The paperwork at the shop had been switched over to a computer a few years ago, ever since Kurt had began lighting things on fire, so Finn stayed most nights at the shop. He was squinting at the screen, slowly typing out a work order on the keyboard, when a knock on the plate glass window of Burt's office-Finn's, now-startled him.
Cameron, one of the newer guys, leaned into the room. "Hey, boss. There's a girl here wanting you to take a look at her tires."
"What?" Finn frowned. "It's late. Did you tell her we're closed?" The sign was out and everything.
Cameron shrugged. "Said she knew you. Her name Quinn or Kwan, maybe-"
"Okay. Tell her I'll be there in a minute."
Cameron paused to wink at Finn. "She's real pretty boss."
Finn waved him away and slowly moved the mouse around, clicking out of the program he'd been using. Kurt was the one who'd taught Finn, however resentfully, to take care of these things when he couldn't be trusted to do them himself anymore.
Kurt had always been a little...weird. But sometime around their Junior year of high school, he'd started to get even weirder. He had mood swings, fits of violence, and any sort of brain-to-mouth filter he'd previously possessed disappeared as if he'd never heard of the word 'tact'.
The voices were the worst, though. Kurt didn't hear them very often, not after getting on medication, but watching him when he did hear them was frightening. All Finn could do in those moments was step back and leave him alone. Trying to talk Kurt through it only made things worse. The first time it'd happened, Burt had to call the hospital and watch his son get taken away in an ambulance.
Finn wished Burt were still alive.
Quinn waited for him at the front desk and smiled when she saw him. Things were still strained between them, though it'd been four years since high school ended, five years since they'd broken up. They weren't enemies but he didn't know whether or not to call her a friend. The two of them hardly ever saw each other, except for occasionally crossing paths at the supermarket.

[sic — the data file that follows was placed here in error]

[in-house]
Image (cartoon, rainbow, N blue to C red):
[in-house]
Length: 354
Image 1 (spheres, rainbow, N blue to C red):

"Quinn. What's up with your car?"
Quinn shook her head and shifted nervously. "I don't know. It's making this rattling sound and I can't get it to go over thirty. It took twenty minutes to get from here to work."
"Hmm." Finn paused to think. "It's kind of late, but if you want to leave it overnight, I can look at it in the morning, see what's wrong."
"That'd be great. Uh..." She gave him a flirty grin. "Care to give a girl a ride home?"
Quinn didn't live too far from the shop. After graduation, she'd gotten herself her own apartment, a job, and, last Finn heard, she was rounding out the last of her classes at the local community college.
He'd stayed here. At the shop. Not that he minded, of course. He could no more sell Burt's shop than he could send Kurt to the group home Kurt's doctor kept hinting at.
When Finn dropped his ex-girlfriend off, they both stood at her door all awkward until Quinn laughed and shook her head.
"Thanks," she said, reaching into her purse for the house key.
"Sure. I'll give you a call tomorrow." Finn felt like he should kiss her, like they were on a date or something, but knew that would just make things weirder between them.
Once Quinn was safely inside, he went back to his car. Girls were so complicated. At least with Rachel he'd known flat out what she wanted-fame above all else. Love took second place.